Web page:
The U.S. economy shrank at an annual rate of 3.8 percent in the last three months of 2008 as factory production ground down, department stores slashed prices and virtually every sector of the economy bled jobs, the Commerce Department reported Friday.
The quarterly calculation on gross domestic product was the worst since the first quarter of 1982, when the economy contracted by 6.4 percent amid another recession.
The figure showed how rapidly the economy was contracting. In the previous quarter, the economy slipped 0.5 percent.
For all of 2008, GDP rose 1.3 percent, the slowest growth since 2001, when the economy expanded 0.8 percent. In 2007, the GDP increased by 2 percent.
The Commerce report showed consumer spending — which accounts for a whopping two-thirds of U.S. economic activity — fell another 3.5 percent in the fourth quarter after declining 3.8 percent in the third quarter. Spending on durable goods such as cars and furniture plunged 22.4 percent, the steepest decline since the first quarter of 1987.
The grim quarterly GDP was leavened slightly: It is better than economists expected. Economists surveyed before the report were anticipating a 5.4 percent quarterly drop. However, the figure could be revised lower as new survey data are obtained.
What began as a mortgage and credit crisis that hit financial institutions and the construction industry last year has spread quickly to nearly every sector of the economy, from heavy equipment to electronics and pharmaceuticals.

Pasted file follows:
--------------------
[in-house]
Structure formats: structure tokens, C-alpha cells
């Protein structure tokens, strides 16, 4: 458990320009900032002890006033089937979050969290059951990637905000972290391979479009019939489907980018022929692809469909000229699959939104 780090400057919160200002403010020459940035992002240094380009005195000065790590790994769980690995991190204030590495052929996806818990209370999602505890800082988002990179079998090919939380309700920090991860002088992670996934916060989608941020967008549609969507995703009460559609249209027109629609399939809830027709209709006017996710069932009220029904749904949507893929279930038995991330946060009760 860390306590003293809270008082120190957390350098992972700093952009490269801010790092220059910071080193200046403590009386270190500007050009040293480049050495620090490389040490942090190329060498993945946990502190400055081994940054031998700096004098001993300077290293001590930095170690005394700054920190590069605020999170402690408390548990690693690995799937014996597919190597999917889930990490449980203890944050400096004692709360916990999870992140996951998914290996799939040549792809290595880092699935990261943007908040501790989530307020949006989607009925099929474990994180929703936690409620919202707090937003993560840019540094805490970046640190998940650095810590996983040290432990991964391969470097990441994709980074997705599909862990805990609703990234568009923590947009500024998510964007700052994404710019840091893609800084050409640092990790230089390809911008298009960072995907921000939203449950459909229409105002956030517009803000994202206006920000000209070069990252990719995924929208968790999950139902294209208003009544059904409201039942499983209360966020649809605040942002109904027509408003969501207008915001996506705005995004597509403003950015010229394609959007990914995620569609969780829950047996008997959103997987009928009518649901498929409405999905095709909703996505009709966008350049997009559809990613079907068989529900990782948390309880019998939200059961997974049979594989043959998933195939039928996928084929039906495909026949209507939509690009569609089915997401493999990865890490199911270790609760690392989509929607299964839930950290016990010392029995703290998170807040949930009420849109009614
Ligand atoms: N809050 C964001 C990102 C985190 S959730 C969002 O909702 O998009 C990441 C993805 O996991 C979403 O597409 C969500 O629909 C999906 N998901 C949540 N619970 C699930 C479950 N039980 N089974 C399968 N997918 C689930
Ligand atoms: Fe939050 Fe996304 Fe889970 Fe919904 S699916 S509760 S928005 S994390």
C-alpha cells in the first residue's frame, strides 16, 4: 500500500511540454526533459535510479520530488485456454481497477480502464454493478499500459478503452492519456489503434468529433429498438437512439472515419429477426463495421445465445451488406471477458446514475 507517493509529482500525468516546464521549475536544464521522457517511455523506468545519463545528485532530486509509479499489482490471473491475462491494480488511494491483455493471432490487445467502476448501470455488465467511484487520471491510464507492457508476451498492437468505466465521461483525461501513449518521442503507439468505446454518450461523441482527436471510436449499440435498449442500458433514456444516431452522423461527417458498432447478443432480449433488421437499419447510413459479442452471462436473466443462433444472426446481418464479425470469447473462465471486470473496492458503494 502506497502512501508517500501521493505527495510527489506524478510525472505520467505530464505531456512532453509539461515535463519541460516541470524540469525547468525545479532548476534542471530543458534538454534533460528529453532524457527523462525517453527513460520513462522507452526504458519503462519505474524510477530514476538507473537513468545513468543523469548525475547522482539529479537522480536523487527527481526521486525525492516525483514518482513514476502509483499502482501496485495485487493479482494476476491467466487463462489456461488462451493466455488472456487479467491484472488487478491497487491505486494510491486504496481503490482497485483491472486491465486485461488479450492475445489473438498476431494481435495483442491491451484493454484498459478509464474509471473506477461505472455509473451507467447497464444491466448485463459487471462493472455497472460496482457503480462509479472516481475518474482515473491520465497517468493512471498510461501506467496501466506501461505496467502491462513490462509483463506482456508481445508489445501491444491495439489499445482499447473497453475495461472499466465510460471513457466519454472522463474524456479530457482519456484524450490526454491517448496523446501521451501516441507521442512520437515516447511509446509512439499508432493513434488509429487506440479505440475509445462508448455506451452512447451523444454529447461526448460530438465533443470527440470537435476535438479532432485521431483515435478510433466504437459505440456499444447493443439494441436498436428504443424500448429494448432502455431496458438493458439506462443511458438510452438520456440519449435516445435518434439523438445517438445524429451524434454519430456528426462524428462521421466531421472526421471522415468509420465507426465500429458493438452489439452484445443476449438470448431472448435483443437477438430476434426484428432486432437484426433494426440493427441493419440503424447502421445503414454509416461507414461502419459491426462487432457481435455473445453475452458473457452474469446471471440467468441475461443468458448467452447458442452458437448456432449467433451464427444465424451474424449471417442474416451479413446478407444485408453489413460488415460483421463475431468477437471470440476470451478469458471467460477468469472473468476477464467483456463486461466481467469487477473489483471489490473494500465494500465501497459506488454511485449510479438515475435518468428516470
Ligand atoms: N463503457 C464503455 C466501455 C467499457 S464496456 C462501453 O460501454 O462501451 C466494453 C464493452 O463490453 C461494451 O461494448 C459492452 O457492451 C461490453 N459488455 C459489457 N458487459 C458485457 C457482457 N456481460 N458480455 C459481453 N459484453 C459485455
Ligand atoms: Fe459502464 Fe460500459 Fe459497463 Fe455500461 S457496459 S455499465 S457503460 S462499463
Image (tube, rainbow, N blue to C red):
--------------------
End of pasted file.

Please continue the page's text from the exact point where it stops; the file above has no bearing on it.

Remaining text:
Consumers have responded by cutting back drastically on spending as they worry about holding onto their jobs, making their mortgage payments, and retaining value in their financial investments.
The latest figures will certainly intensify the debate over the Obama administration's economic stimulus package, which passed the House on Thursday on a strict partisan vote. No Republicans signed on to the plan. The Senate is expected to vote on the plan next week.
Christina Romer, the chair of the White House Council of Economic Advisers, said the latest figures show that "immediate action to support both the financial sector and overall demand is essential."
"Aggressive, well-designed fiscal stimulus is critical to reversing this severe decline and putting the economy on the road to recovery and improved long-term growth," she said.
Earlier this week, a survey released by the National Association for Business Economics, or NABE, pointed to the worst business conditions in more than a quarter century and the likelihood of many more job losses in coming months.
From NPR staff and Associated Press reports.